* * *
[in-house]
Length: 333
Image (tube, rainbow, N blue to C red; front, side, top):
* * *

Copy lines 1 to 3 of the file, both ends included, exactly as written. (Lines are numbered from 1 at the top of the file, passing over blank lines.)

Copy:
[in-house]
Length: 333
Image (tube, rainbow, N blue to C red; front, side, top):